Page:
System.Net.Sockets.SocketException

The exception that is thrown when a socket error occurs.

Minimum version: >= 1.1 >= Core 1.0

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How to handle it

try
{

}
catch (System.Net.Sockets.SocketException e)
{

}
try
{

}
catch (System.Net.Sockets.SocketException e) when (e.Message.Contains("something"))
{

}
try
{

}
catch (System.Net.Sockets.SocketException e) when (LogException(e))
{

}

private static bool LogException(Exception e)
{
    logger.LogError(...);
    return false;
}

How to avoid it

We haven't written anything about avoiding this exception yet. Got a good tip on how to avoid throwing System.Net.Sockets.SocketException? Feel free to reach out through the support widget in the lower right corner with your suggestions.

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Possible fixes from StackOverflow

On Windows Vista (and Windows 7), Dns.GetHostEntry also returns IPv6 addresses. In your case, the IPv6 address (::1) is first in the list.

You cannot connect to an IPv6 (InterNetworkV6) address with an IPv4 (InterNetwork) socket.

Change your code to create the socket to use the address family of the specified IP address:

Socket serverSocket =
    new Socket(ipAddress.AddressFamily, SocketType.Stream, ProtocolType.Tcp);
                        ↑

Note: There's a shortcut to obtain the IP address of localhost: You can simply use IPAddress.Loopback (127.0.0.1) or IPAddress.IPv6Loopback (::1).

An established connection was aborted by the software in your host machine

That is a boiler-plate error message, it comes out of Windows. The underlying error code is WSAECONNABORTED. Which really doesn't mean more than "connection was aborted". You have to be a bit careful about the "your host machine" part of the phrase. In the vast majority of Windows application programs, it is indeed the host that the desktop app is connected to that aborted the connection. Usually a server somewhere else.

The roles are reversed however when you implement your own server. Now you need to read the error message as "aborted by the application at the other end of the wire". Which is of course not uncommon when you implement a server, client programs that use your server are not unlikely to abort a connection for whatever reason. It can mean that a fire-wall or a proxy terminated the connection but that's not very likely since they typically would not allow the connection to be established in the first place.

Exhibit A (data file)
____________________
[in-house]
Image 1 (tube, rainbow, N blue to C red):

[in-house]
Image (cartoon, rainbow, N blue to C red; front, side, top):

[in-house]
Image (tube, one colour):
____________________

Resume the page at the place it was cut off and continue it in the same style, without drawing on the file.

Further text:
You don't really know why a connection was aborted unless you have insight what is going on at the other end of the wire. That's of course hard to come by. If your server is reachable through the Internet then don't discount the possibility that you are being probed by a port scanner. Or your customers, looking for a game cheat.

Is it possible that the serverSocket is being closed from another thread? That will cause this exception.

You just need to keep digging. The exception "The response ended prematurely" isn't the root cause. Keep digging into the inner exceptions until you find the last one. You'll find this:

System.IO.IOException: Authentication failed because the remote party has closed the transport stream.

So it's not about your code. It seems the server you're hitting either can't handle the load, or is intentionally dropping your requests because you're hitting it too hard.

we resolved this problem with 2 code changes:

  1. Dispose of the httpResponseMessage and just work with a simple DTO

    using (var httpResponseMessage = await httpClient.SendAsync(httpRequestMessage))
    {
        return await CreateDto(httpResponseMessage);
    }
    
  2. Downgrade the version of HTTP to v1.0

    var httpRequestMessage = new HttpRequestMessage(HttpMethod.Post, new Uri(url))
    {
        Version = HttpVersion.Version10,
        Content = httpContent
    };
    
    await client.SendAsync(httpRequestMessage);
    

which has the effect of adding this Http header

Connection: close 

rather than this

Connection: keep-alive